First, a disclaimer: No one single group of people, no one single act can "fix" education. Students, teachers, administrators, parents, policy makers, and the general public are all responsible for the current state of education. (And the current state of education isn't all that bad, let's remember.) But certainly, if not agreeing that teachers are the

Many of the current educational efforts revolve around the idea of "holding teachers accountable." This often leads to efforts involving test scores and record keeping, only serving to increase the administrative burden on teachers. Teachers have a lot to do. Help them do it faster and they'll be able to spend more time actually teaching. They certainly can't become better teachers without that extra time for training, lesson plans, etc. Give teachers additional training, mentorship, etc. and they'll become better teachers. And that, in turn, will help students.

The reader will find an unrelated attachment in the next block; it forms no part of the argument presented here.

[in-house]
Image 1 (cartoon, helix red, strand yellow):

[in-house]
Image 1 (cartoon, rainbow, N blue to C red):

So, from a computer science point of view, what can we do to help teachers (and thus help students)? What can we automate? What tasks drain teachers' time while not giving them much in return? If you're a teacher, what tedious things do you spend your time doing? Some of these problems will likely be easy to solve, while some will require more creativity. We should tackle both.

*helping teachers helps students*.First, a disclaimer: No one single group of people, no one single act can "fix" education. Students, teachers, administrators, parents, policy makers, and the general public are all responsible for the current state of education. (And the current state of education isn't all that bad, let's remember.) But certainly, if not agreeing that teachers are the